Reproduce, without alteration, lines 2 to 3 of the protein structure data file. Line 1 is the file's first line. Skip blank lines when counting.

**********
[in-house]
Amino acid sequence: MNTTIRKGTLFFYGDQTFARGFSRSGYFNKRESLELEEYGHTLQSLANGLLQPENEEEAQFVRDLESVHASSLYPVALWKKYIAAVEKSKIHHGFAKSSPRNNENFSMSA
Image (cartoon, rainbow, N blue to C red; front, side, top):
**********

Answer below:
Amino acid sequence: MNTTIRKGTLFFYGDQTFARGFSRSGYFNKRESLELEEYGHTLQSLANGLLQPENEEEAQFVRDLESVHASSLYPVALWKKYIAAVEKSKIHHGFAKSSPRNNENFSMSA
Image (cartoon, rainbow, N blue to C red; front, side, top):